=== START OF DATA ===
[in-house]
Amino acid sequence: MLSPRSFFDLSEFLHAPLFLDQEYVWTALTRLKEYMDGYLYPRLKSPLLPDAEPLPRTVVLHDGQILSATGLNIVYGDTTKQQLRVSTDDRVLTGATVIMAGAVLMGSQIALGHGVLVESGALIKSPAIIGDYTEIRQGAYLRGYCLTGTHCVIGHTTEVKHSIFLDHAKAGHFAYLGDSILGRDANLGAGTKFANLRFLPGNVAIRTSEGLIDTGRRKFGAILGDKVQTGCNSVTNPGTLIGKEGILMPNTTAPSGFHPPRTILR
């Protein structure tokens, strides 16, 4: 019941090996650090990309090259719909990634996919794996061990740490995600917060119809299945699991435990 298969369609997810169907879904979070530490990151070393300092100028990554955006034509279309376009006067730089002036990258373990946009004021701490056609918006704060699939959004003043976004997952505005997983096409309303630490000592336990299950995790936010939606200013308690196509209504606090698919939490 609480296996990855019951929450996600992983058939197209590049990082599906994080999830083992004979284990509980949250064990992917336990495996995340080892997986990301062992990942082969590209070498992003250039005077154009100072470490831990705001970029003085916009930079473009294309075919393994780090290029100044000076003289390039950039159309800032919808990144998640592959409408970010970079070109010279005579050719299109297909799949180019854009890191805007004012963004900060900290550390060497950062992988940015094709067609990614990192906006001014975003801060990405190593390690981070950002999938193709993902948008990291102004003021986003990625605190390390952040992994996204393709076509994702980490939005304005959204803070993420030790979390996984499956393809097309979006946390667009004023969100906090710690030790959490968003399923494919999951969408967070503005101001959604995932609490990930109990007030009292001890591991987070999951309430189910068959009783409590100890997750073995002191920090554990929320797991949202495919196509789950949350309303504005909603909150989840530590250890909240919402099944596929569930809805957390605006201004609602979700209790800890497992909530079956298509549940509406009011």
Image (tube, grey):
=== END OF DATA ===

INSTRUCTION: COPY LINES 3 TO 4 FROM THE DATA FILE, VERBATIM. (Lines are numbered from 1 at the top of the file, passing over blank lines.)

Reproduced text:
């Protein structure tokens, strides 16, 4: 019941090996650090990309090259719909990634996919794996061990740490995600917060119809299945699991435990 298969369609997810169907879904979070530490990151070393300092100028990554955006034509279309376009006067730089002036990258373990946009004021701490056609918006704060699939959004003043976004997952505005997983096409309303630490000592336990299950995790936010939606200013308690196509209504606090698919939490 609480296996990855019951929450996600992983058939197209590049990082599906994080999830083992004979284990509980949250064990992917336990495996995340080892997986990301062992990942082969590209070498992003250039005077154009100072470490831990705001970029003085916009930079473009294309075919393994780090290029100044000076003289390039950039159309800032919808990144998640592959409408970010970079070109010279005579050719299109297909799949180019854009890191805007004012963004900060900290550390060497950062992988940015094709067609990614990192906006001014975003801060990405190593390690981070950002999938193709993902948008990291102004003021986003990625605190390390952040992994996204393709076509994702980490939005304005959204803070993420030790979390996984499956393809097309979006946390667009004023969100906090710690030790959490968003399923494919999951969408967070503005101001959604995932609490990930109990007030009292001890591991987070999951309430189910068959009783409590100890997750073995002191920090554990929320797991949202495919196509789950949350309303504005909603909150989840530590250890909240919402099944596929569930809805957390605006201004609602979700209790800890497992909530079956298509549940509406009011």
Image (tube, grey):